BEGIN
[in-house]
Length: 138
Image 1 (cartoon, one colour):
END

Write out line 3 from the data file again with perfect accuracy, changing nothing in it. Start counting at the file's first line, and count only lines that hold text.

Image 1 (cartoon, one colour):